Cost and performance issues top concern in seven BNY Mellon amber-rated funds

James Baxter-Derrington
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Cost and performance issues top concern in seven BNY Mellon amber-rated funds

BNY Mellon Investment Management has marked seven of its funds for ongoing reviews into performance and fees, with the amber-rated funds given until February 2021 to shape up.

Of the 40 funds in the BNY Mellon Investment Funds range, seven received an amber rating, while another seven were excluded from being rated due to insufficient track record, leaving the remaining 26 funds rated green, offering "value for money" by its Assessment of Value (AoV) report.

The BNY Mellon Corporate Bond fund was spared a red rating because "remedial action has already been taken with positive results for investors", including a manager change in October 2019 following a period of not achieving its investment objective of outperforming its benchmark by 1.5%.

The board said that while the fund had shifted 292 holdings from legacy to B shares, the costs on the shares is still "high relative to similar funds."

Since this action has been taken, the fund has met its performance objectives, but it still received an amber warning as the turnaround has been over a very short timeframe, along with its costs being declared "expensive" in the AoV report.

As with all of the funds receiving an amber rating, the BNY Mellon Corporate Bond fund has been given until February 2021 to finish its review and take relevant action.

BNY Mellon Emerging Income fund was singled out for its "long standing underperformance" along with high fees due to its small size, with just £76.2m assets under management.

In June this year, a proposed merger with the BNY Mellon Asian Income fund, which would have helped to reduce costs, was rejected by shareholders, leaving the board examining "potential alternatives" to better support investors.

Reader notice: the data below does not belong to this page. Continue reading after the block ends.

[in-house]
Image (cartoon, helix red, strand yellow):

Only partially meeting its objectives, BNY Mellon Equity Income may see its objective altered to reflect the manager's preference for income over capital.

The board felt the fund suffered from a "persistence of underperformance on a total return basis" but noted that the income target exceeded many of its peer group.

The BNY Mellon Global Absolute Return fund was given its amber rating for both poor performance and unsatisfactory costs, although the board acknowledged the fund had transferred 210 retail holdings in the legacy retail share classes to the lower-cost retail B share classes.

While the fund "generally achieves a return above cash on a rolling one-year basis", it fails to meet its cash plus 4% rolling, annualised five-year target, which combined with "higher than average costs", partly due to its investments in exchange traded funds, has affected its long-term performance.

Although the fund suffered half the average market losses in March, it still witnessed a double-digit fall, which the board considers "significant for an absolute return fund", and added that Spring's volatility was not the only reason the fund missed its five-year target, also citing its 2018 negative return.

Both the BNY Mellon Global Multi-Strategy and Inflation-Linked Corporate Bond funds missed out on a green rating due to "disproportionately high" costs for retail investors, which was attributed both to the instruments the funds are invested in, including derivatives and ETFs, and the relatively small fund sizes - £86.6m and £64.5m respectively.

The largest fund to be sanctioned as part of the firm's AoV is the £5.5bn BNY Mellon Real Return fund, which failed to deliver good value in both performance and cost.

In regards to the former, while the fund achieved positive returns over a rolling three-year basis, it failed to meet its rolling five year cash +4% target.

Turning to costs, the board said that while the fund had shifted 292 holdings from legacy to B shares, the costs on the shares is still "high relative to similar funds."

Although it achieved a green rating overall, the BNY Mellon Global Dynamic Bond fund scored below "good value" in both its performance and cost criteria, but the report explained the amber scores were merited according to quantitative criteria, but qualitative analysis led the board to believe the fund still offered value overall.

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